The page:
Wednesday, July 25, 2012

Group Hug.

I once saw a documentary on F.W. Murnau which explained how much he worried about creating universes that went beyond the confines of the filmstrip and what it recorded. This is why in movies like Sunrise he came up with elaborate set pieces which showed constant movement. Therefore we see people appearing from the sides, below and all possible places that made it seem as if the story being filmed was taking place not only to service the camera, but as an actual slice of life.

This is something that has never worried Wes Anderson. His movies are miniatures that take place in half-recognizable settings that we're supposed to think of as universal. The New York City of his The Royal Tenenbaums instantly springs to mind, particularly because its artifice never highlights the town that other artists obsess about. Anderson's obsession with perfect framing and symmetry often give his movies an unavoidable touch of whimsy and despite the fact that his work is extremely self indulgent, my favorite shot in this movie seems to add a bit of heart to this insularity.

I love how even if he's placed Margot and particularly Richie in cherubic positions next to their mother, he has cut off Chas' head, not only representing his need to cut off from any sort of Tenenbaum curse, but also to highlight how his intrusion to ask for money seems to disrupt the almost pastoral shot he had established. That Chas then proceeds to leave the frame, reminding us of a larger world outside the Tenenbaum house, is absolutely brilliant.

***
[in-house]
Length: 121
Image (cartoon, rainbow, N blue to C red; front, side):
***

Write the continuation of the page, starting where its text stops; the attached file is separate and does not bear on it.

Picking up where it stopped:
- This post is part of Nat's Hit Me With Your Best Shot series.



interesting observation really. I do love movies that feel like things are going on outside the frame and it hadn't occured to me that wes anderson usually doesn't imply that.

Andrew: Encore Entertainment said...

Of course, of course you make me start thinking about so many deeper things in the film with this write-up.

When I watched this scene what I was focusing on is Margot reading Chekhov (!) because though I'm no genius that flashed me back to all the books I read when I was younger that I was probably too young to get and one of my favourite gaffes is all the books young Margot is reading (she was reading some O'Neill or Shaw at some point, I think, too) and it also takes me to that scene where Chas and Royal are in the closet and they're surrounded by ALL THOSE BOOKS. Which made me very jealous because books are great and every house should have tons.

Anyways, back to your point about the insularity. Not on Anderson specifically, but I always manage to excise more universality from artistic works that don't try to be universal. As in the more specific they are to their characters and themes the more inclined I am to find something personal in them....if that makes sense?

Anyhow, finally, Anjelica's expression kills me!